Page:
Twenty-two years ago, a skinny young man named David Lorenzo, ran around the kitchens of JWU’s Providence Campus looking for a “sheet pan stretcher” and a “soufflé pump.”
Needless to say, he never found them. Today that same man bills millions of dollars to companies that need advice on the long-term growth of their business.
Back in the 1980s, culinary instructors were fond of "breaking in" students by sending them to hunt for fictional kitchen items. Although I was one of the gullible young kids who fell for those ridiculous practical jokes, I will always be grateful for learning to “take the heat and think on my feet.”
Running a kitchen, a restaurant or a hotel poses many of the same problems and challenges faced in managing a multinational company. Lorenzo claims there are three specific areas where the hospitality industry serves as a great training ground for business leadership. A hospitality manager learns about strategic thinking, the importance of managing talented people and the need to deliver on promises. These three skills are critical to the success of any business. Lorenzo shares these ideas below:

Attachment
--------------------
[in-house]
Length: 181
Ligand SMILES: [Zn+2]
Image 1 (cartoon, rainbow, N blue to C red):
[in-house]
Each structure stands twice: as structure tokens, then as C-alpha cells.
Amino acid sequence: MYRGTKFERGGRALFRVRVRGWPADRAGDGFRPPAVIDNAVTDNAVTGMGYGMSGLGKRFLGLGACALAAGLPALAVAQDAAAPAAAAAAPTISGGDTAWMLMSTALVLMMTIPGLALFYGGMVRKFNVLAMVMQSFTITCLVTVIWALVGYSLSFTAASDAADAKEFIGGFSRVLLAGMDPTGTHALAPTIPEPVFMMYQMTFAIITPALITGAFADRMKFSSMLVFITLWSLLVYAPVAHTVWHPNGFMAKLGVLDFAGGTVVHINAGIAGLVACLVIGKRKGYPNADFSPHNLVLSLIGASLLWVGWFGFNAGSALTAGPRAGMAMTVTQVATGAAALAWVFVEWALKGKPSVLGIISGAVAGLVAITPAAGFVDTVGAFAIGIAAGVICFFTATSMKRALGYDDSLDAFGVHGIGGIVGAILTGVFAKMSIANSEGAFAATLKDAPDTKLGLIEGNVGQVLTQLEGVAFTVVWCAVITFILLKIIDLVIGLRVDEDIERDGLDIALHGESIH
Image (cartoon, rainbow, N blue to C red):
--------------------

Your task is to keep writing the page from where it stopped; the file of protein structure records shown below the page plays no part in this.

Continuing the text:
Strategic Thinking: Plan before you act. It does not matter if you are doing a dinner for 100 people or the marketing campaign for a $100 million product launch — a solid plan is needed. Thinking through the opportunities, threats and mitigation tactics is essential. Every great chef, banquet manager or CEO always asks the same questions: “What if this happens, and what will we do?”
Talent Management: Good help is hard to find. Recruiting, engaging and developing top talent is a challenge in every industry and company, large or small. If you can lead people in a 120-degree kitchen on a muggy May afternoon, you can probably make your team feel good about the latest corporate cost-cutting initiative.
Flawless Execution: If you don’t deliver the goods to your clients in the corporate world you could get fired. In the kitchen, careless production can make people sick (or dissuade them from returning). Setting up effective systems and processes to handle the details is essential in either environment.